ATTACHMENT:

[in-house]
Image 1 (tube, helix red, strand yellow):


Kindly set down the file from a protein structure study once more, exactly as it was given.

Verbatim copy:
[in-house]
Image 1 (tube, helix red, strand yellow):